A major reason for the different outcome this time is that Turkey’s current account deficit, standing at $31 billion in August 2018, had evolved into a surplus of $1 billion by August of this year — not because of some economic progress, but as a result of contraction. The Turkish economy is expected to shrink at least 1% this year. The current account surplus owes to a sharp decline in the demand for imported goods, combined with some uptick in exports and tourism, albeit at the expense of price cutting.
Also, savings holders in Turkey have already put about half their deposits into hard currency because of eroded confidence in the economy. As a result, banks appear free of any foreign-exchange liquidity problem. Furthermore, the economic contraction has curbed loan demand amid a standstill in investments and a decrease in production capacities. Because of the loan shrinkage, the rollover ratio of external borrowings has also fallen.
Additionally, the central bank has taken measures neutralizing the impact of the foreign swap market and thus precluding any foreign-exchange attacks. Foreign investors are no longer short-selling the lira.
In sum, the economic contraction that followed last year’s currency shock has cushioned the impact of any new ones. An additional shield has resulted from government moves such as imposing control over the central bank and forcing it to make decisions bending the rules and using public banks as tools, albeit at the expense of inflicting them with losses.
Trump’s decision to suspend talks aimed at boosting bilateral trade to $100 billion was rather irrelevant, too. Given that Turkey’s total foreign trade is worth $350 billion to $400 billion, the $100 billion target amounted to no more than wishful thinking in the first place.
Trump’s sanctions included also hiking tariffs on Turkish steel to 50%, but representatives of the sector appeared unimpressed. In remarks to Deutsche Welle on Oct. 15, Namik Ekinci, the head of Turkey’s Steel Federation, voiced doubts on whether the sanctions would be fully implemented. He recalled that Washington had raised tariffs on Turkish steel to 50% last year before retracting the measure. “They lowered the tariff back to 25% in May 2019 after bilateral talks. That they are now hiking the tariff again means nothing to us,” Ekinci said.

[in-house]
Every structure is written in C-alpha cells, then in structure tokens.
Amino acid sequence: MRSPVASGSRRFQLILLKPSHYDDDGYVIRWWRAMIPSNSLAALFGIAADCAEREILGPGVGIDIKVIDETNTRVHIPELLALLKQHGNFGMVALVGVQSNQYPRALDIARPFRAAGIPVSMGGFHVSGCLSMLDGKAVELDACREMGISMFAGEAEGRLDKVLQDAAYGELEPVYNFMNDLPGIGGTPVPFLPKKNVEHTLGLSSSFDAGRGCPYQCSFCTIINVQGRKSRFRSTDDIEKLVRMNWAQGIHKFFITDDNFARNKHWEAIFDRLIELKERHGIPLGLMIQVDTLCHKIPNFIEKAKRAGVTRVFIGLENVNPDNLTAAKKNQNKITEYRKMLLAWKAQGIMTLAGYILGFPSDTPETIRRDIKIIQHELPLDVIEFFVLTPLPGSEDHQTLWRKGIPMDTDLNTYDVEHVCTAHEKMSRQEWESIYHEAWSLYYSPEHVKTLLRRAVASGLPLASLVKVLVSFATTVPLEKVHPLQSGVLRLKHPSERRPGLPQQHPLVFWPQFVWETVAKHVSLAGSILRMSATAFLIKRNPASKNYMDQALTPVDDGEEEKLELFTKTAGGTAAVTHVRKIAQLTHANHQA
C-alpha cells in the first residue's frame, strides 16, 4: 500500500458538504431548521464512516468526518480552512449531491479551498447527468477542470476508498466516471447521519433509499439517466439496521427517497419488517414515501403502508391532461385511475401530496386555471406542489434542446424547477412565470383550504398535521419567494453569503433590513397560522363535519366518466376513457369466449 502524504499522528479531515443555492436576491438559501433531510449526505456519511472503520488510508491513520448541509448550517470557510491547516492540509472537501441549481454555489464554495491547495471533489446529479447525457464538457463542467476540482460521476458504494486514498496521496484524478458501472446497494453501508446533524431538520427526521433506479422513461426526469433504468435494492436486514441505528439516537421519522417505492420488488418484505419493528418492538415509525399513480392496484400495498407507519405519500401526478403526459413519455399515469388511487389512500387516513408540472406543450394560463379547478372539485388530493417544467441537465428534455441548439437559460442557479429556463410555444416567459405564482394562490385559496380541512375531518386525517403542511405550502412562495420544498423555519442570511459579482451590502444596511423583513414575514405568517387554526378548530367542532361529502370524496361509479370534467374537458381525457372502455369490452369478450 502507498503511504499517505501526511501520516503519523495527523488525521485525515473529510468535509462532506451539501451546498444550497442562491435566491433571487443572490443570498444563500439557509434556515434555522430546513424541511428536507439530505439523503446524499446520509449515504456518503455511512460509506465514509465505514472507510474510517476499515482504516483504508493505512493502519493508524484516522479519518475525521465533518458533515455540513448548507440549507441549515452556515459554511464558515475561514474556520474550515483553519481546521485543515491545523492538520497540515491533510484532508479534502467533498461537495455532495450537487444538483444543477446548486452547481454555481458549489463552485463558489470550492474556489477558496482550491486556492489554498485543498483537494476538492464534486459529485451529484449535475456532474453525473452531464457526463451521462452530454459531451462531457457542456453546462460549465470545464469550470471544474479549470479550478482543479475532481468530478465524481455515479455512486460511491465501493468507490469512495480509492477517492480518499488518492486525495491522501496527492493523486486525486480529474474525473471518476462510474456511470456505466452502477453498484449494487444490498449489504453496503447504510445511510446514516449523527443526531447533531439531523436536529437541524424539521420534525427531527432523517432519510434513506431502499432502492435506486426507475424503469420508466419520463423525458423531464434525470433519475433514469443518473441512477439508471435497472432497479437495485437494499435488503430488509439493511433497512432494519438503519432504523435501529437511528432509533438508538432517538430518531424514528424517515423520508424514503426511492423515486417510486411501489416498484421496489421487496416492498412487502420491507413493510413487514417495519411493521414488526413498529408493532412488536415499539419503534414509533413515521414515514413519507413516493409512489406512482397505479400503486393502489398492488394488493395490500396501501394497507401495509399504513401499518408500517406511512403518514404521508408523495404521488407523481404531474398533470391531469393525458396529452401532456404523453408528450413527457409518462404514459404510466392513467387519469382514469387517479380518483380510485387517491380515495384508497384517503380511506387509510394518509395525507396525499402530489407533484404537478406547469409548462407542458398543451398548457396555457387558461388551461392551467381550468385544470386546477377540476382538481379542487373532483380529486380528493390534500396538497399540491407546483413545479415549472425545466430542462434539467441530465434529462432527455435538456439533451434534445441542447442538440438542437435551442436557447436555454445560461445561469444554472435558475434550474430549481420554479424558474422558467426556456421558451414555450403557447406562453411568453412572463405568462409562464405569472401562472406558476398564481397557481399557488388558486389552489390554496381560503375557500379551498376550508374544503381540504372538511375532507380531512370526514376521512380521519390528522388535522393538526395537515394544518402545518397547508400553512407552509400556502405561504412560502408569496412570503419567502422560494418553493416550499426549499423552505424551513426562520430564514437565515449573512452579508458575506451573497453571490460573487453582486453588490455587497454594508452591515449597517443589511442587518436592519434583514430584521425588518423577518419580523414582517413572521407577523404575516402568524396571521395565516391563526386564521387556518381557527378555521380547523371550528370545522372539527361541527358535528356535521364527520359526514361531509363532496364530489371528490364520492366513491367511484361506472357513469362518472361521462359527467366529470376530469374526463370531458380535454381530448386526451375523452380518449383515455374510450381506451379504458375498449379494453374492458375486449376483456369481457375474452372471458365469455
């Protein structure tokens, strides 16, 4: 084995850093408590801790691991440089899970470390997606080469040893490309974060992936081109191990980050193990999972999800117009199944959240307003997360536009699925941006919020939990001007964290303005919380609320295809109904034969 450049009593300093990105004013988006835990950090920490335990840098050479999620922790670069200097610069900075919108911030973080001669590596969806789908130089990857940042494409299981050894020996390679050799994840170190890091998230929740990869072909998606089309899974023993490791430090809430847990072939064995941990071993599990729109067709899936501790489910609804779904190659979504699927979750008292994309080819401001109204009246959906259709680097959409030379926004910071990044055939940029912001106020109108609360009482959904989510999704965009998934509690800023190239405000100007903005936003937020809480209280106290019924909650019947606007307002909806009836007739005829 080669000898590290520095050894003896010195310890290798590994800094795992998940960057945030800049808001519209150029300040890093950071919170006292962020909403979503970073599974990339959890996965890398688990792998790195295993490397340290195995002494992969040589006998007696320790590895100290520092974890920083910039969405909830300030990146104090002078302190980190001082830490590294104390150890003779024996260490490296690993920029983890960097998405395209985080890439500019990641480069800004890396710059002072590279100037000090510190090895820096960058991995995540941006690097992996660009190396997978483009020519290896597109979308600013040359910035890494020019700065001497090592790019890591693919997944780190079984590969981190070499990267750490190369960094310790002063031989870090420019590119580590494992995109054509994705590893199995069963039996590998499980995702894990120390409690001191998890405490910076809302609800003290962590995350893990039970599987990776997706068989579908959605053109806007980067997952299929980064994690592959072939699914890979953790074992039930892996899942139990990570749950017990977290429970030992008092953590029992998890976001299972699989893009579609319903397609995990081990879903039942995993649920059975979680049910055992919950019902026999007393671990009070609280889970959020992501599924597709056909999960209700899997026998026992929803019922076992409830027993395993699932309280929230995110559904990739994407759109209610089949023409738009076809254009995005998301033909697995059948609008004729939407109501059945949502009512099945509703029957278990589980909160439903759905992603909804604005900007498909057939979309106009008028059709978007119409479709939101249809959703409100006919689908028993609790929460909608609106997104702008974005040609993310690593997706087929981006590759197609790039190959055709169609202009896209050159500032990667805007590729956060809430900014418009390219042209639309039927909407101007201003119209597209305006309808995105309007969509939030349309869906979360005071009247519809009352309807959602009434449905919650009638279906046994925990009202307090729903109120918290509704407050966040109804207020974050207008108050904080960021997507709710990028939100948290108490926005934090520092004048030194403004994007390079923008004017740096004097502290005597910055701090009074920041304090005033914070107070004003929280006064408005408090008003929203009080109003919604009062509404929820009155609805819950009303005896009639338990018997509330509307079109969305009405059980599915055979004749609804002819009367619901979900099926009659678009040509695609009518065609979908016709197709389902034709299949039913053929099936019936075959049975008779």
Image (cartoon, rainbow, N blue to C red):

Trump’s sanctions may have not led to a currency shock and a big economic turmoil, but perceptions of risk vis-a-vis Turkey have heightened and the confidence crisis has deepened. Turkey’s risk premium, reflected in credit default swaps, has at times shot up above 400 basis points in recent days, sending warning signals to foreign creditors.
Turkey’s military operation in Syria has cost it also harsh reactions from the international community, from the European Union to the Arab League and China. The greatest damage is, no doubt, in ties with the United States, where Congress members have slammed the administration for going easy on Ankara. A bipartisan bill calling for tougher sanctions remains on the table after the Oct. 17 deal, under which Turkey agreed to a five-day pause in its offensive to let Kurdish militia withdraw from a border stretch controlled by Turkish forces.
How the deal will transpire remains to be seen, but the widespread outcry over the operation threatens to damage Turkey’s international standing in general. As a result, US and European companies and financial institutions might reconsider their dealings with Turkey at a time its economy needs foreign funds to recover and start growing again. German carmaker Volkswagen has already paused a major investment plan in the country.